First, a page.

There will probably be a function to create a map in one run in the next major version of {DatawRappr}. In the meantime, I wrote this tutorial:

There are three map types in Datawrapper: locator, symbol and choropleth. I’m trying to explain in short, how you can use DatawRappr to create a map programmatically for symbols and choropleths. And as an add-on: How to create a tooltip using {DatawRappr}.

Why exclude Locator-maps? They are a little tricky and probably not so heavily automated compared to choropleths and symbols. That’s why I decided place them a little lower on my priority list and keep them out here. There is a tutorial on Locator-maps with the API by Datawrapper using curl.

The basic steps are always the same:

  • Create a new chart with chart-type map.
  • Upload your data to this chart/map with the required columns (IDs or Lat/Long-coordinates).
  • Edit the chart to select the matching for the columns.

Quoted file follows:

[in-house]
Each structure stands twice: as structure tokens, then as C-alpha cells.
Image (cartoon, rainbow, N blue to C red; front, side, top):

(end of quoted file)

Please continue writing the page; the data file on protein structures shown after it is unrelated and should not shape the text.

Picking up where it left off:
• Publish the chart.

If you want to update the data, you will only need steps 2 and 4.


Create a Choropleth map

Create a new chart

You can use this code to create a new chart and save the chart to your current environment. You don’t have to save it. You will just need the chart-id later.

new_choropleth_chart <- dw_create_chart(
  title = "This is a automated choropleth map",
  type = "d3-maps-choropleth"
  )
#> New chart's id: ZO9I5

Upload data to the chart

We will now upload some data to our newly created map. Beforehand, we have to decide on an basemap and a key that maps the data to the chart.

Select the right map

Datawrapper provides an API-endpoint with their basemaps, which you might curl

Or you can use the built-in dataframe in DatawRappr:

head(dw_basemaps)
#> # A tibble: 6 x 6
#>   id         level  slug   value      label      description                    
#>   <chr>      <chr>  <chr>  <chr>      <chr>      <chr>                          
#> 1 world-2019 World  world  DW_NAME    Name       The three-letter ISO-code of t…
#> 2 world-2019 World  world  DW_STATE_… ISO-Code   The written name of the countr…
#> 3 world-2019 World  world  GERMAN_NA… Name (Ger… The written name of the countr…
#> 4 africa-20… Africa africa DW_NAME    Name       The three-letter ISO-code of t…
#> 5 africa-20… Africa africa DW_STATE_… ISO-Code   The written name of the countr…